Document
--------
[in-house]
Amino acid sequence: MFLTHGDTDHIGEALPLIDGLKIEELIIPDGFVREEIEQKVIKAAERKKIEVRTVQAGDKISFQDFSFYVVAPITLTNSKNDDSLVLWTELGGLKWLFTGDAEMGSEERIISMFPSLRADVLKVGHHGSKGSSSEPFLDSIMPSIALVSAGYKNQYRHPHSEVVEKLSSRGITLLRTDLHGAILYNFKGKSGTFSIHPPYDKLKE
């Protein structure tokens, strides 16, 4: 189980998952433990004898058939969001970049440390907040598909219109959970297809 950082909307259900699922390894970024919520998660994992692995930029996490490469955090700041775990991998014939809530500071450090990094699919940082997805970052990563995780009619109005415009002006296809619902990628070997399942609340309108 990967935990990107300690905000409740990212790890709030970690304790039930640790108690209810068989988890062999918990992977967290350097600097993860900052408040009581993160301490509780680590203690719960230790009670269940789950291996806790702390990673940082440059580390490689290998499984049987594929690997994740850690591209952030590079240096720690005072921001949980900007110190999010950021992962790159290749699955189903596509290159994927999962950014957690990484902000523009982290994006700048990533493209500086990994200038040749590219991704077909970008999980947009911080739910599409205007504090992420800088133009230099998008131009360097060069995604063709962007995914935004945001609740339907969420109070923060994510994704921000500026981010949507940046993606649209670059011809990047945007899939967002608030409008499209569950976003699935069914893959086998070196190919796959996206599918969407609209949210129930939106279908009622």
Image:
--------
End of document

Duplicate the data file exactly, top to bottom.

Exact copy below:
[in-house]
Amino acid sequence: MFLTHGDTDHIGEALPLIDGLKIEELIIPDGFVREEIEQKVIKAAERKKIEVRTVQAGDKISFQDFSFYVVAPITLTNSKNDDSLVLWTELGGLKWLFTGDAEMGSEERIISMFPSLRADVLKVGHHGSKGSSSEPFLDSIMPSIALVSAGYKNQYRHPHSEVVEKLSSRGITLLRTDLHGAILYNFKGKSGTFSIHPPYDKLKE
């Protein structure tokens, strides 16, 4: 189980998952433990004898058939969001970049440390907040598909219109959970297809 950082909307259900699922390894970024919520998660994992692995930029996490490469955090700041775990991998014939809530500071450090990094699919940082997805970052990563995780009619109005415009002006296809619902990628070997399942609340309108 990967935990990107300690905000409740990212790890709030970690304790039930640790108690209810068989988890062999918990992977967290350097600097993860900052408040009581993160301490509780680590203690719960230790009670269940789950291996806790702390990673940082440059580390490689290998499984049987594929690997994740850690591209952030590079240096720690005072921001949980900007110190999010950021992962790159290749699955189903596509290159994927999962950014957690990484902000523009982290994006700048990533493209500086990994200038040749590219991704077909970008999980947009911080739910599409205007504090992420800088133009230099998008131009360097060069995604063709962007995914935004945001609740339907969420109070923060994510994704921000500026981010949507940046993606649209670059011809990047945007899939967002608030409008499209569950976003699935069914893959086998070196190919796959996206599918969407609209949210129930939106279908009622």
Image: